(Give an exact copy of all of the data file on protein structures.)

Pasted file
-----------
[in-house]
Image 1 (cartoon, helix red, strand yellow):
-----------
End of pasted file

[in-house]
Image 1 (cartoon, helix red, strand yellow):